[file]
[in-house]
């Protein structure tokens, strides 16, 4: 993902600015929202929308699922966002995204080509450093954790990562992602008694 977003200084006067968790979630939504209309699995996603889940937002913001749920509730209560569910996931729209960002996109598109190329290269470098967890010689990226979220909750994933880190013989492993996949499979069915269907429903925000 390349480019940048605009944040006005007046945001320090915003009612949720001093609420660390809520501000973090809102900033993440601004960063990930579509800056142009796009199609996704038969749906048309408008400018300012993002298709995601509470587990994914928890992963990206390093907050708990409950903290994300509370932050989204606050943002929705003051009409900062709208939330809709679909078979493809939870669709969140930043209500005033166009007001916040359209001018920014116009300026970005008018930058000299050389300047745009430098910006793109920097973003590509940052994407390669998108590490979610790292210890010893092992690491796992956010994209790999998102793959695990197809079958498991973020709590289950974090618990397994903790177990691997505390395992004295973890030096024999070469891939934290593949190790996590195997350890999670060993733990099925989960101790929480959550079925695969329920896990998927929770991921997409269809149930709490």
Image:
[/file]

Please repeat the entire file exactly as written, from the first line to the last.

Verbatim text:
[in-house]
């Protein structure tokens, strides 16, 4: 993902600015929202929308699922966002995204080509450093954790990562992602008694 977003200084006067968790979630939504209309699995996603889940937002913001749920509730209560569910996931729209960002996109598109190329290269470098967890010689990226979220909750994933880190013989492993996949499979069915269907429903925000 390349480019940048605009944040006005007046945001320090915003009612949720001093609420660390809520501000973090809102900033993440601004960063990930579509800056142009796009199609996704038969749906048309408008400018300012993002298709995601509470587990994914928890992963990206390093907050708990409950903290994300509370932050989204606050943002929705003051009409900062709208939330809709679909078979493809939870669709969140930043209500005033166009007001916040359209001018920014116009300026970005008018930058000299050389300047745009430098910006793109920097973003590509940052994407390669998108590490979610790292210890010893092992690491796992956010994209790999998102793959695990197809079958498991973020709590289950974090618990397994903790177990691997505390395992004295973890030096024999070469891939934290593949190790996590195997350890999670060993733990099925989960101790929480959550079925695969329920896990998927929770991921997409269809149930709490």
Image: